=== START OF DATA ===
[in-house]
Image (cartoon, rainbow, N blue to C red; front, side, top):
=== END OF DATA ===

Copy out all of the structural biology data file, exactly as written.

[in-house]
Image (cartoon, rainbow, N blue to C red; front, side, top):